Australia is in urgent need of increased population. Young people should be encouraged to marry as early in life as they can and to have large families. Their duty to their country is to provide it with future defenders, but this bill contains nothing to encourage early marriages. On the contrary, it seems that everything possible is done under this and other sales tax legislation to postpone the marriage ceremony and to discourage it. A sales tax of 10 per cent, or 15 per cent, on cutlery must have a deterrent effect on young couples who desire to marry. The increase of the cost of building materials also must make it more difficult for them to set up homes of their own. I read in this morning’s issue of the Sydney Morning- Herald that’ the prices of certain houses have increased from £50 to £75 each, because of the increase of the sales tax on building materials. There is a shortage of houses in every capital city. It is true that in some country districts empty houses are to be seen, but, unfortunately, those towns do not possess industries which would provide employment for sufficient numbers of residents to enable all houses to be occupied. The demand for dwellings in the metropolitan areas cannot be satisfied, and legislation of this kind will make it increasingly difficult for young persons to purchase homes.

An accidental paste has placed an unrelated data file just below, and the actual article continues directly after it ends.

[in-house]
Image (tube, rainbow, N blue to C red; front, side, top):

Even engagement rings carry sales tax. I see no reason why an engagement ring should be the subject of a heavy impost. Other forma of adornment might be regarded as luxuries, but. a young woman is entitled to look upon an engagement ring as more than a piece of jewellery. Some people regard vacuum cleaners, electric washing machines and carpet sweepers, which carry sales tax at the rate of 15 per cent., as luxuries, but I do not regard the modern amenities of life as too good for any of the people living in .a democracy. I see no reason why the wives of working men should not be encouraged to use labour-saving devices in their homes. I understand that even the axe with which a householder chops wood is subject to sales tax, and that even, certain forms of baby biscuits bear this tax at the rate of 10 per cent., whereas, incongruously enough, dog biscuits are tax free. If the sales tax is to be retained, its whole incidence needs an overhaul. There is ample justification for the appointment of a parliamentary standing committee to review regularly the incidence of this tax, and to suggest from time to time amendments that would improve the” lot of the people. I am afraid that before the end of the financial year the Government will be inundated with protests against these increases for which no provision was made in the Fadden budget. Those who have defended the increases have advanced what seem to be good arguments in favour of them, but I have mentioned some of the weaknesses inherent in this form of taxation. I hope that the Government will review the finances of the country during the Christmas recess, and will, early in the next period of this session, bring down amending legislation to reduce sales tax rates. No matter what care is taken in the framing of such a tax to place the burden on those who are well supplied with the good things of life, inevitably many persons of modest means will he harshly treated, and that is not in the best interests of the nation.